Huntsville’s Hospital Retention committee is doing some really impressive work. So impressive, in fact, that it’s hard to believe the committee is made up of laypeople in the community and not healthcare administrators.
Appearing at Huntsville’s Regular Council meeting in December, Rob Alexander and Sven Miglin, chair and vice chair of the retention committee, highlighted for council the work the committee has been doing.
MAHC proposal won’t get provincial support
Paramount in their report is the belief that the plan being touted by Muskoka Algonquin Health Care (MAHC), recommending the building of one new hospital to service the District at a cost of $349 million, is far too expensive to be accepted by the Province.
A survey of provincially approved healthcare projects, conducted by the committee with the help of their consultants, revealed that the only large capital projects being approved are the ones focused on areas with the largest population growth, typically in large urban centers.
Comparing communities similar to Huntsville the committee found the funding amounts to be a lot smaller.
We found a few examples of projects for new builds that were rejected or, worse, sat in the queue for up to six years with no official feedback. Those that have been approved or have received favorable feedback tended to be much smaller from both an aggregate amount and on a per bed basis.Hospital retention committee report
Based on the quantitative evidence, the committee is of the opinion that the pre-capital submission made by MAHC is too expensive and unlikely to be approved. (Click here to see a PDF of the full report.)
A better approach is redevelopment of both existing sites
Instead, the committee suggests redeveloping the existing hospital sites using a wrap-around building approach in redevelopment: building new facilities around the current hospital but without attaching the facilities so that current operations are not disrupted and air systems are not integrated which could lead to infectious disease issues. Using this approach they predict they could reduce the cost to build per square foot from the $1113 projection contained in the MAHC pre-submission to $400-$500.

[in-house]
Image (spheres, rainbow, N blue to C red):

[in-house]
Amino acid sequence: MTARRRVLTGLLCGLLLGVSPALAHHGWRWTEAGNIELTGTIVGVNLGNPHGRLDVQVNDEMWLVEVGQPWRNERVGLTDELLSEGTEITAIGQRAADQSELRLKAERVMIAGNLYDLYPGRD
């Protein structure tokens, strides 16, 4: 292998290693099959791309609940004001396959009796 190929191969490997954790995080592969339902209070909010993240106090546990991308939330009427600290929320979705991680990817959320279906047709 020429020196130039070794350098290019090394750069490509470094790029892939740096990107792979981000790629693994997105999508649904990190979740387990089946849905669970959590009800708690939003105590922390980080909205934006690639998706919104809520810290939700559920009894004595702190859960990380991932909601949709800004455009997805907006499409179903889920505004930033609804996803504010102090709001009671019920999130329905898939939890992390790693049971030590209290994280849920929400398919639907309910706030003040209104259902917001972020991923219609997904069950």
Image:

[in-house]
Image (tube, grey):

Our rough estimate is that there is about $75 to $125 million in savings that we want to pursue.Sven Miglin, hospital retention committee vice chair
In redeveloping the two existing sites, the committee is recommending a ‘campus of care’ approach to healthcare delivery in Muskoka. The committee defines the campus of care as having multiple healthcare providers co-located on one contiguous site. Many campuses include long-term care, ambulatory care, counselling, chronic care, community health, and primary care on one site.
The advantages of this approach are many, said Miglin. There are opportunities to share costs and health care professionals, lower travel costs, and provide better access to care.
By bringing everything related to healthcare together you make it better for patients, better for people visiting them, better for doctors. You can share a lot of costs.Sven Miglin, committee vice chair
Fairvern needs to be included
There are things the Town could be doing right now to help their situation, Miglin told council. The redevolpment of Fairvern Nursing Home on the hospital site is a vital piece of the campus care puzzle.
Fairvern is important in this but we are on different timetables. In 2016 they need to be site specific about where they are going. Council needs to facilitate the redevelopment of Fairvern for the campus of care.Sven Miglin committee vice chair
Upgrade water and sewer facilities and utilize right of way for better access
Alexander had some homework assignments for councillors.
He encouraged them to start working with the District to upgrade the water and sewer services to the hospital site.
As well, he said, the committee has identified an existing right of way from Hwy 60 to the hospital that would improve access and shave three minutes off emergency response time. “To the extent that we have that road, it saves three minutes and puts our site in better stead when considering where to put it in Muskoka.”
The Huntsville Hospital retention committee continues to work with the Task Force and a discussion about the campus of care model is on the agenda for January’s meeting.